Changes to the West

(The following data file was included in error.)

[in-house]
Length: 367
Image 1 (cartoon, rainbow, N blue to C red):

There were many changes to the West during the 1800s that involved settlers, miners, government, army, forts, and much more. By the time that the Plains Indians prospered, some 75,000 American Indians were living on the Plains in 1850. Many miners and settlers had begun crossing the Great Plains in the mid-1800s and in order to protect these travelers, many U.S. officials sent agents to negotiate treaties with the Plains Indians. The Treaty of Fort Laramie was the first major agreement that they made with the Indians. It was signed with northern Plains nations in Wyoming in the year 1851. Several southern Plains nations signed a treaty at Fort Atkinson in Nebraska two years later. These treaties accepted Indian claims to much of the Great Plains and also allowed Americans to build forts and roads and to travel across Indian homelands. The government promised to pay for any damages to Indian homelands. Even though the government and army were trying to protect the Indian lands, the treaties did not keep the peace for long. In 1858, thousands of miners were brought to the West because of the news that gold had been discovered in what is now Colorado. These miners soon clashed with the Cheyenne and the Arapaho. A new treaty was then negotiated by the U.S. government in 1861 with these Indians. The treaty created reservations, or areas of federal land set aside for American Indians. The government had expected Indians to stay on these reservations, which made hunting buffalo almost impossible, but many American Indians refused to even live on reservations. The argument of whether American Indians were to live on assigned reservations or live where they wanted kept going until the late 1800s when the Dawes Act was passed and resulted in the Indians losing much of the land that they had previously occupied. Reformers had hoped this act would help American Indians, but instead, it resulted in the loss of about two thirds of their land. The Dawes Act also did not lead to citizenship for many American Indians. The new policy overall did not improve Indians' lives.